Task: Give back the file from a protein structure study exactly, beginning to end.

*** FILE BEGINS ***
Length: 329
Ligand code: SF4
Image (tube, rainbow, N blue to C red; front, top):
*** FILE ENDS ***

Length: 329
Ligand code: SF4
Image (tube, rainbow, N blue to C red; front, top):